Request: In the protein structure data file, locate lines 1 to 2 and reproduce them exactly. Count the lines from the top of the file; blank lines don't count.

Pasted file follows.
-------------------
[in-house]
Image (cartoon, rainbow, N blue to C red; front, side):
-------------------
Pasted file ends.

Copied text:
[in-house]
Image (cartoon, rainbow, N blue to C red; front, side):